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Significance of High Soil Lead Concentrations for Childhood Lead Burdens
D. Barltrop, C. D. Strehlow, I. Thorton and J. S. Webb
Environmental Health Perspectives
Vol. 7, Low Level Lead Toxicity and the Environmental Impact of Cadmium (May, 1974), pp. 75-82
Published by: The National Institute of Environmental Health Sciences
Stable URL: http://www.jstor.org/stable/3427998
Page Count: 8
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The lead exposure of children and their mothers has been studied in two towns with mean soil lead contents of 900 and 400 ppm. No significant difference in blood or fecal lead contents was demonstrated between the two populations, but a small difference in hair lead content was shown. The blood lead content of children was greater than that of their mothers and was higher in the summer than in the spring samples. Children with pica for soil in the control area had increased lead content of blood and hair. Preliminary data for children and mothers from villages with mean soil lead contents of 500 ppm and 10,000 ppm are reported which show significant differences in blood and hair lead content within the normal range. The data suggest that soil lead content of 10,000 ppm may result in increased absorption of lead in children, but to a degree which is unlikely to be of biological significance.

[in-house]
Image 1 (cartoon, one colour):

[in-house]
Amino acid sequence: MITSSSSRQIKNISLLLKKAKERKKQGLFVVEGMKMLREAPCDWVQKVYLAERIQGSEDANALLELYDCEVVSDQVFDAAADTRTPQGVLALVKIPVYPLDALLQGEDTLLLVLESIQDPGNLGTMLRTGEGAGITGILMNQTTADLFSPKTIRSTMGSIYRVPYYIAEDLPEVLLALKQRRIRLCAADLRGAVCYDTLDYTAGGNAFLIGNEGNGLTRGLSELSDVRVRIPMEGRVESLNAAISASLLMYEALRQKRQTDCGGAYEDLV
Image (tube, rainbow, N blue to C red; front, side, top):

Environmental Health Perspectives © 1974 The National Institute of Environmental Health Sciences